Earlier this month, the Associated Press reported a grim statistic: the number of military suicides rose to 349 in 2012, with suicides substantially exceeding the number of combat deaths. The military suicide rate has gone up greatly over the last decade: in the Army, the suicide rate is now roughly 30 per 100,000, almost triple the rate of suicide in the population as a whole.
Media stories paint a picture of crisis: military suicide is at "record highs," an "out of control" "epidemic" that's spreading "like an airborne disease." It can certainly feel that way at times. During a recent weekend at Fort Carson, for instance, one young soldier attempted suicide, another took his own life, and a third threatened to kill himself, but was eventually persuaded to give up his weapon.
All this within a single brigade -- and though it was a rough weekend, it wasn't entirely atypical. For every suicide in the military, there are several other service members who attempt suicide, threaten it, or tell friends or superiors they're contemplating it. The result is a grim litany of "serious incident reports" moving up the military chain of command, documenting a phenomenon that is as baffling as it is tragic.
There's no dearth of suicide prevention programs in the military. In recent years, DOD has launched or reinvigorated an ambitious and wide-ranging array of programs: there are suicide prevention stand-down days, suicide hotlines, "mental fitness" programs, and programs aimed at reducing the perceived stigma of seeking mental health help. In June 2012, Secretary Panetta noted that DOD had increased the number of behavioral health experts by 35 percent over three years, and suicide prevention has become a preoccupation at every level in the chain of command. Yet despite all these efforts, the military suicide rate remains stubbornly high, and keeps getting higher.
Is it possible that many of our well-intentioned efforts to prevent suicides in the military are actually having the opposite effect?
The phenomenon of "suicide contagion" or "imitative suicide" has been recognized for years. The most famous (though possibly apocryphal) example dates back to 1774, when 24-year-old Johann Wolfgang von Goethe published The Sorrows of Young Werther.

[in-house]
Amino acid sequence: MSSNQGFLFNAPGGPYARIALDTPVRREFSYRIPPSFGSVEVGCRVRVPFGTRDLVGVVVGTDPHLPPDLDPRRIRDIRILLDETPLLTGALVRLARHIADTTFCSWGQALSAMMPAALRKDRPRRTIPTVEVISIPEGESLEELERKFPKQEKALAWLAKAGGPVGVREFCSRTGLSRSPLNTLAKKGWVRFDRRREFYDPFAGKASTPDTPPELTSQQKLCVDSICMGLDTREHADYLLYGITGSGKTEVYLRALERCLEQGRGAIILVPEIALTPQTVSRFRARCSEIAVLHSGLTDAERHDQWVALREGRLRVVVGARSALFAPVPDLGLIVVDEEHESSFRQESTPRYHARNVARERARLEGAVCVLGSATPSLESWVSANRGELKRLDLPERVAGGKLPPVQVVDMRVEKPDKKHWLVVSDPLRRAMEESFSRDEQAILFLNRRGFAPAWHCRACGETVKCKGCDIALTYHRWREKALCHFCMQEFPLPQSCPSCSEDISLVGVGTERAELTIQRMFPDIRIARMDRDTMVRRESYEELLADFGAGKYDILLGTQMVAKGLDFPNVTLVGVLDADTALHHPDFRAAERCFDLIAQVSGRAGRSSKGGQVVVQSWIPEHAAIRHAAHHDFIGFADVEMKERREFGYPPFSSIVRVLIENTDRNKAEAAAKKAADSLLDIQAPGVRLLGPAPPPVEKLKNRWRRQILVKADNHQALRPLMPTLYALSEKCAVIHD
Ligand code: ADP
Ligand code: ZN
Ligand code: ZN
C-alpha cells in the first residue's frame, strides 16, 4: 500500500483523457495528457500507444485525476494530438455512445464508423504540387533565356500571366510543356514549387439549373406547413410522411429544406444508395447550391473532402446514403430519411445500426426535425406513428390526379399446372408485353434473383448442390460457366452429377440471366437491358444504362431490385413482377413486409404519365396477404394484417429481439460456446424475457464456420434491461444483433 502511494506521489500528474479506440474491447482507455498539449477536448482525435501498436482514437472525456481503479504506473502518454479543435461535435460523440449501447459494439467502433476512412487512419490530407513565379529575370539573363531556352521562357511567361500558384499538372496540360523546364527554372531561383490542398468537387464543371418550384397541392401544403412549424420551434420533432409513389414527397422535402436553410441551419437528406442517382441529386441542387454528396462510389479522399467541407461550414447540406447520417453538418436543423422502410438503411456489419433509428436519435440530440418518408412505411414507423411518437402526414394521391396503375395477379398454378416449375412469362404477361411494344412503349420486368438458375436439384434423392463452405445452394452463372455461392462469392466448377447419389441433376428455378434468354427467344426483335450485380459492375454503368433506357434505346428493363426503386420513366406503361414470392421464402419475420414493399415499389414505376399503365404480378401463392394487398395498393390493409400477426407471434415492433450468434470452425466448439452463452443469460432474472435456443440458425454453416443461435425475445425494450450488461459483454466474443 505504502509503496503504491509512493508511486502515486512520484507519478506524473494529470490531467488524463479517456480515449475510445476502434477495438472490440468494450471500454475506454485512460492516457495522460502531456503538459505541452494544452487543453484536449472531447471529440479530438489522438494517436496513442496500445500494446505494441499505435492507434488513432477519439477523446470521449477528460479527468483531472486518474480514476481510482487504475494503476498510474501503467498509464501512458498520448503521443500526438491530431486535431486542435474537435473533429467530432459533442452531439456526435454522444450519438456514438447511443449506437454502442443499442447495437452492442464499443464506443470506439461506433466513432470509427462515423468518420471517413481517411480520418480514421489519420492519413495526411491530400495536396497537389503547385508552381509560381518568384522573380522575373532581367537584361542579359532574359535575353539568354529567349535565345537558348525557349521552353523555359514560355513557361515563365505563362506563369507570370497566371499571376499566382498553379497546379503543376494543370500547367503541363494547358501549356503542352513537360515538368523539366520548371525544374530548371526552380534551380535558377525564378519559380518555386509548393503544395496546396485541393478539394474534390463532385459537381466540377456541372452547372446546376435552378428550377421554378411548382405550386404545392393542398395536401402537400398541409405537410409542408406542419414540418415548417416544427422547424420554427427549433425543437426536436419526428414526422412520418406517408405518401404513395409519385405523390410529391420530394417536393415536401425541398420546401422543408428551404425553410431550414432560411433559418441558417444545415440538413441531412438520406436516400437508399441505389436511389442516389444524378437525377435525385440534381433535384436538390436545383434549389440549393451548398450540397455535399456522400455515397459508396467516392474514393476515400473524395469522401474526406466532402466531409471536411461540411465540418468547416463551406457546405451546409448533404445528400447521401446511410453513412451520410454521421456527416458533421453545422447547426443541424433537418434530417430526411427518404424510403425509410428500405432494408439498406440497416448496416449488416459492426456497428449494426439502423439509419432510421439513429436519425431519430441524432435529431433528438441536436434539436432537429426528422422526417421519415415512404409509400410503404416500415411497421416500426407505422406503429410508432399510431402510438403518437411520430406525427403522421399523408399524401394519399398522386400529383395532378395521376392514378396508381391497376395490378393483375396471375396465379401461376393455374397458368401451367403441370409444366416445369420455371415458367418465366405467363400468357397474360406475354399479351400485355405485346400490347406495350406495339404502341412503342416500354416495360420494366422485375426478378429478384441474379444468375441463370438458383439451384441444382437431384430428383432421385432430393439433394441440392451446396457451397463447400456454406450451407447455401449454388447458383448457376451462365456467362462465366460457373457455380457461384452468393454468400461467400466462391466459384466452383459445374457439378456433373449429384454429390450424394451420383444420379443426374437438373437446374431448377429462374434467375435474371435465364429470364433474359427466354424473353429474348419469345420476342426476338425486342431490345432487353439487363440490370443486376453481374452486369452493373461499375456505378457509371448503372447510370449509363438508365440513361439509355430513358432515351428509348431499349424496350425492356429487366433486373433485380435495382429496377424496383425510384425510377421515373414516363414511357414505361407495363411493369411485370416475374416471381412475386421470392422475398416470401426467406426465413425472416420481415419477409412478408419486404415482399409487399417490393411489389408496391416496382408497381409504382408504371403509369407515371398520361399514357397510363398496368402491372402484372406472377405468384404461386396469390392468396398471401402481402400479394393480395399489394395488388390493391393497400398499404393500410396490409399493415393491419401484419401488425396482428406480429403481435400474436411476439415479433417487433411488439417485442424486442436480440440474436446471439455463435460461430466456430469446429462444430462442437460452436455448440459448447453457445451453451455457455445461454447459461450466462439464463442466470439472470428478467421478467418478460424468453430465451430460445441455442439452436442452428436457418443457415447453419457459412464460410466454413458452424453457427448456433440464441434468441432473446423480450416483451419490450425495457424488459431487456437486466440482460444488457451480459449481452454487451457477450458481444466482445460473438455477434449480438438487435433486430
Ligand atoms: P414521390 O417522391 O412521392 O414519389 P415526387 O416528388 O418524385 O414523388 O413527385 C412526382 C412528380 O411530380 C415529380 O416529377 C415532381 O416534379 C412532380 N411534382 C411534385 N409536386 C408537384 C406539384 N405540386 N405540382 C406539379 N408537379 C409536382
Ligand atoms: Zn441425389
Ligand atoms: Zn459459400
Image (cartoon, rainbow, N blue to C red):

The story chronicles an unhappy love affair that culminates in the suicide of the protagonist. "See, Charlotte, I do not shudder to take the cold and fatal cup....With cold, unflinching hand I knock at the brazen portals of Death," proclaims Werther, having decided that death is the only honorable solution to his love for a married woman.
A classic of early German romanticism, the book was an immediate sensation when it was published in 1774. Rather too much of a sensation: throughout Europe, "Werther Fever" broke out, and young men and women dressed like Werther and swapped pirated copies of the slender volume. According to legend, the book also led to an outbreak of Werther-inspired suicides -- so many that authorities in Leipzig and Copenhagen banned the book altogether.
Historians are still debating the evidence of a Werther-inspired European suicide epidemic. But though we may never know how many suicides were truly inspired by Goethe's morbid little melodrama, we know today that the phenomenon of "suicide contagion" is real. Numerous studies have demonstrated that one suicide within a community can spark others.
The mechanisms of suicide contagion are not well understood, but there's substantial evidence that the media plays a major role as a suicide vector. A 2008 World Health Organization report is unequivocal: "Over 50 investigations into imitative suicides have been conducted. Systematic reviews of these studies have consistently drawn the same conclusion: media reporting of suicide can lead to imitative suicidal behaviours."
This does not mean that the media should not report on suicide, of course. Suicide -- and changes in suicide rates within particular subgroups -- is legitimately of interest to the public, and it would be irresponsible for media outlets not to report on military suicide rates. But studies suggest that a great deal depends on just how suicide is covered.